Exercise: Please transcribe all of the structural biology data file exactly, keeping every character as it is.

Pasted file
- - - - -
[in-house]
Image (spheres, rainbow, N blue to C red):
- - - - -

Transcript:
[in-house]
Image (spheres, rainbow, N blue to C red):